Neighbors rocked by the gas explosion that literally cratered a North Seattle home Monday told stories of near misses and lucky breaks.
They picked glass shards out of the lawn, boarded up their windows and surveyed cracked walls and collapsed ceilings with dismay.
Neighbors rocked by the gas explosion that literally cratered a North Seattle home Monday told stories of lucky breaks.
Noah Mahoney said his daughter, 15, was blown out of bed by the blast — and he felt lucky it hadn’t been worse.
“I do a lot of welding, I fabricate metal, grind and weld, all of which creates a lot of sparks,” Mahoney said.
- Husky guide on UW cheerleading tryouts goes global
- CEO makes fiery emails about Muslims part of the workday
- Look like this, not that: UW pulls cheerleader-tryout advice after angry backlash
- Oh smack: Garbage truck hits Alaskan Way Viaduct
- Seahawks’ selection of Germain Ifedi in NFL draft has makings of a great fit
Most Read Stories
Frendo Tabukang, who does maintenance for the International Full Gospel Fellowship, said he was grateful the blast didn’t come during services, as he pointed to the windows blown out of the sanctuary by the explosion.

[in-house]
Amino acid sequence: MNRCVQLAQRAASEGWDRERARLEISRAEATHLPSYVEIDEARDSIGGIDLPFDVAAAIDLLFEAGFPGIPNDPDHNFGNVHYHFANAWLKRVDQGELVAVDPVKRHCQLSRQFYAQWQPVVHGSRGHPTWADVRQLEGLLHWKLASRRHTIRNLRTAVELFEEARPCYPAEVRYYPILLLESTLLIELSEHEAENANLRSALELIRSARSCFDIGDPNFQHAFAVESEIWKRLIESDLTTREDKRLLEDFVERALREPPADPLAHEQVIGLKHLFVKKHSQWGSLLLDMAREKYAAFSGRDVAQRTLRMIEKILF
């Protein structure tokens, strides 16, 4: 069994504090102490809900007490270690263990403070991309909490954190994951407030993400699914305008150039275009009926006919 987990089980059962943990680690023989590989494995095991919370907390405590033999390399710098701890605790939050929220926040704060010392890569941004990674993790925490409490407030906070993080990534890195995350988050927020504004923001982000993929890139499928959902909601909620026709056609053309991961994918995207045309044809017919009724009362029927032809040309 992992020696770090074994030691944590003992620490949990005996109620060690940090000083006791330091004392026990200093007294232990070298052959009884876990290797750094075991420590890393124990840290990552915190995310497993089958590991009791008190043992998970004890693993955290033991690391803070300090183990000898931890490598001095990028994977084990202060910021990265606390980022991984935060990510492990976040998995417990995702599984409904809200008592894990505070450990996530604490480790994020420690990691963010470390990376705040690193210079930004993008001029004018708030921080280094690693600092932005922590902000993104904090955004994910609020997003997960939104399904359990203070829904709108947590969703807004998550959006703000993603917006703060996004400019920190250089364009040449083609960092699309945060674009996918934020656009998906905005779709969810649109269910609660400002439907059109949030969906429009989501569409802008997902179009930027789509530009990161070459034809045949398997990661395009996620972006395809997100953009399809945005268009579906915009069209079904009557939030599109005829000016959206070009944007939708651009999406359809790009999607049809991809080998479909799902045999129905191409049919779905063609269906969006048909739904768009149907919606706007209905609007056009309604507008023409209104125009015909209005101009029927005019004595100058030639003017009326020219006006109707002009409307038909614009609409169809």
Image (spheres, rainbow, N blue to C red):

“It’s just a good thing no one was in the building,” he said, surveying a two-story wall of windows now boarded up, and the collapsed ceiling in a conference room. Concrete walls were cracked and shifted, and the windows in the church kitchen also were blown out — two blocks from the home destroyed by the blast.
“It’s devastating,” he said of the destruction of the home. “The two people that lived in the house, they are lucky to have survived; it is just the grace of God.”
The day-care center operated by the church was closed for the day Monday as a precaution, and the nearby Seattle Jewish Community School delayed the start of school on Monday for the children’s safety.
On Tuesday, the International Full Gospel Fellowship, despite boarded-up windows, was already back to its regular business.
Yael Sachs, director of operations for the Seattle Jewish Community School, gave PSE high marks for a quick and thorough inspection on Monday, and again on Tuesday, which turned up no leaks. Both Sachs and Tabukang said they felt that PSE’s thorough follow-up after the blast had ensured the safety of the neighborhood.
In another house next door to the cratered lot, Putri Hiendarto said she and her family had just moved in two weeks ago.
The picture windows in the kitchen she loved, with the view to the back yard, were being boarded up, and contractors were picking broken glass out of the grass. Inside, cracks snaked through the walls, and soffit and insulation were blasted right out of the roof.
“You just don’t expect something like this to happen,” Hiendarto said. “We are feeling bad at how much damage there is, and there is that dread. We just keep smelling [for gas leaks]. If we smell anything, we are calling, that is for sure.”
“Any leak is a big deal,” said Andy Wappler, spokesman for PSE on the scene Tuesday. “I was there, I saw the house, you look at that, and you think, what if that were my family, it’s in your gut.
“We are very motivated to find out through investigation what happened, so it never happens again.”
Lynda V. Mapes: 206-464-2736 or firstname.lastname@example.org